Vitamin D: Are We Deficient?

by Melissa Hudec

vitamin-dVitamin D is a defender against depression and other diseases, but are we deficient?

It’s a beautiful (but chilly!) sunny mid-November day in Boston, and my friend and I decide to soak up the sun and go for a walk in the park. Sometimes having nutrition students for friends leads to interesting conversations. All my friend had to do was ask how much Vitamin D we were getting on our walk, for me to say “well actually…” And the rest is history!

Vitamin D’s Superhero Profile

Who is Vitamin D?

Vitamin D always seems to push its way into the spotlight every year as the days get shorter.

UntitledDiscovered in 1922, Vitamin D had been shown to boost calcium absorption, thereby playing a major role in bone health. It was added to milk in the 1930s to ensure Americans were getting enough their diets, resulting in an almost total elimination of rickets, a serious bone disease, from the U.S. population. Scientists have also found a correlation between adequate D levels and fighting against diseases like breast cancer, multiple sclerosis, and many mood disorders. A study in the Archives of Internal Medicine found that Vitamin D deficiency is also associated with a twofold risk of death overall and from cardiovascular causes in older men and women (the study population averaged age 62). Studies show that D can reduce the impact of colds, and fight seasonal affective disorder (SAD), two issues that always seem to rear their ugly heads in the winter months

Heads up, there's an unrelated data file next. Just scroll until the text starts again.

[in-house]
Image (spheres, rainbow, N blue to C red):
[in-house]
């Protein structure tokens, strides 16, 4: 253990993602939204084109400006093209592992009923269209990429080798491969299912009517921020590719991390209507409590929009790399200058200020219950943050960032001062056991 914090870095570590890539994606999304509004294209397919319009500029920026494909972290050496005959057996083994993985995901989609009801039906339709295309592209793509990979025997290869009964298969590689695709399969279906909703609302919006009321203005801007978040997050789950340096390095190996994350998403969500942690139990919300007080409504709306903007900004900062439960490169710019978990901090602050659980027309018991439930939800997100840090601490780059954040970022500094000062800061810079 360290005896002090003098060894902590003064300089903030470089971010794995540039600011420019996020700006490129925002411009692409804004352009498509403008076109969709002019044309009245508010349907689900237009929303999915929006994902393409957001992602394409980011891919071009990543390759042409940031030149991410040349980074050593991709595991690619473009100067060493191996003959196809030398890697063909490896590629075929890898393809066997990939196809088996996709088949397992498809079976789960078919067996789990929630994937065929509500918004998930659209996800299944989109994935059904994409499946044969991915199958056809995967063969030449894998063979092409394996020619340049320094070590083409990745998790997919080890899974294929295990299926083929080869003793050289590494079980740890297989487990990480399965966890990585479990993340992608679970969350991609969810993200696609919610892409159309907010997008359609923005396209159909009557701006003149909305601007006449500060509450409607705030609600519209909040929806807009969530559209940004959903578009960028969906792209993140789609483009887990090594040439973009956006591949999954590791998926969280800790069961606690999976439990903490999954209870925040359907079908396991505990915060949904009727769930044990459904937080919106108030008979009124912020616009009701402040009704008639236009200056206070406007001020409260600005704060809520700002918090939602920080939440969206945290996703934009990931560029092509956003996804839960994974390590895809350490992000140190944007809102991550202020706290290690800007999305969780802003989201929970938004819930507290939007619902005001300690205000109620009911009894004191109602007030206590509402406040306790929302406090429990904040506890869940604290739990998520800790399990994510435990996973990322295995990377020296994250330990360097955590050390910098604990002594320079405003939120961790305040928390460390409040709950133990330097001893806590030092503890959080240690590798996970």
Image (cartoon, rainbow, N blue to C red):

Beyond fending off the villains of disease, Vitamin D (which, oddly, is not a vitamin, but a hormone), plays a role in over 300 different metabolic processes in many types of tissues and cells.

Where can D be found?

My walking buddy accurately recognized that we can get Vitamin D from sun exposure. (It is, in fact, the best — and cheapest! — way to get D.) It’s synthesized in the skin after exposure to UVB light, and typically your skin can make enough with as little as 20 minutes of sun exposure.

Unfortunately, this is not as simple as a “walk in the park.” D production doesn’t fare well above the 37th parallel in the U.S. Living in the North greatly reduces your chances of synthesizing this super-vitamin, as does seasonality, having darker skin, covering up when going outside (including sunscreen), the time of day of exposure, and increasing age. So sadly, wintertime in Boston reduces the potential for “free D.”


To make matter trickier, there are few food sources of Vitamin D. It naturally occurs only in animal sources, such as fatty fish and eggs. Many milk, orange juice, and cereal products have also been fortified with the vitamin, allowing for more adequate consumption in the population.

Another option for many people is Vitamin D supplements. The vitamin is fat soluble, meaning it is absorbed best with a meal containing fat, and is also easily stored in body fat. This is great news because it means you can take larger doses of D less often. In other words, your body can store extra D for a “rainy day.”